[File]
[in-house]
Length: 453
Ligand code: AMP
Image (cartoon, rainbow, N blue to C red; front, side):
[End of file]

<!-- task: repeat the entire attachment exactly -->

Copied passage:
[in-house]
Length: 453
Ligand code: AMP
Image (cartoon, rainbow, N blue to C red; front, side):